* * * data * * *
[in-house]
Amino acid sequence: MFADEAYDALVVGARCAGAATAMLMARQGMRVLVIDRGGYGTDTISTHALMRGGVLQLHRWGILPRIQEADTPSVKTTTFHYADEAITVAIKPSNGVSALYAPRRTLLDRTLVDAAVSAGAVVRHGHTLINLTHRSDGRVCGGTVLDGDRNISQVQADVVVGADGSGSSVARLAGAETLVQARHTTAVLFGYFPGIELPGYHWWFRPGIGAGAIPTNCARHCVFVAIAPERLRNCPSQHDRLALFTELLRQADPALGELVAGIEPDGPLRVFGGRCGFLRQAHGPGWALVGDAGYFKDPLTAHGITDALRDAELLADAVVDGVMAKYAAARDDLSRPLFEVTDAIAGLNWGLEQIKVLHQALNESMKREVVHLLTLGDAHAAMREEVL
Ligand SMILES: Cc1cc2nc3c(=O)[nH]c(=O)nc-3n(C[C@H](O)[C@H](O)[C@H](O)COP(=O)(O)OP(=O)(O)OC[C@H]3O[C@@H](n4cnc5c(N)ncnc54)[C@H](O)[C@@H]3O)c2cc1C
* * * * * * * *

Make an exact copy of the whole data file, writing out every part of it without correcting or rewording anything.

[in-house]
Amino acid sequence: MFADEAYDALVVGARCAGAATAMLMARQGMRVLVIDRGGYGTDTISTHALMRGGVLQLHRWGILPRIQEADTPSVKTTTFHYADEAITVAIKPSNGVSALYAPRRTLLDRTLVDAAVSAGAVVRHGHTLINLTHRSDGRVCGGTVLDGDRNISQVQADVVVGADGSGSSVARLAGAETLVQARHTTAVLFGYFPGIELPGYHWWFRPGIGAGAIPTNCARHCVFVAIAPERLRNCPSQHDRLALFTELLRQADPALGELVAGIEPDGPLRVFGGRCGFLRQAHGPGWALVGDAGYFKDPLTAHGITDALRDAELLADAVVDGVMAKYAAARDDLSRPLFEVTDAIAGLNWGLEQIKVLHQALNESMKREVVHLLTLGDAHAAMREEVL
Ligand SMILES: Cc1cc2nc3c(=O)[nH]c(=O)nc-3n(C[C@H](O)[C@H](O)[C@H](O)COP(=O)(O)OP(=O)(O)OC[C@H]3O[C@@H](n4cnc5c(N)ncnc54)[C@H](O)[C@@H]3O)c2cc1C